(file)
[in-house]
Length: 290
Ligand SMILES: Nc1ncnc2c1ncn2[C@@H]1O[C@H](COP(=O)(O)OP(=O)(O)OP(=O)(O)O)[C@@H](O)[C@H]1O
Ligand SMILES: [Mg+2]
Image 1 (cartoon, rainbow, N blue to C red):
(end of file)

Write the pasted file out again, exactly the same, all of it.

[in-house]
Length: 290
Ligand SMILES: Nc1ncnc2c1ncn2[C@@H]1O[C@H](COP(=O)(O)OP(=O)(O)OP(=O)(O)O)[C@@H](O)[C@H]1O
Ligand SMILES: [Mg+2]
Image 1 (cartoon, rainbow, N blue to C red):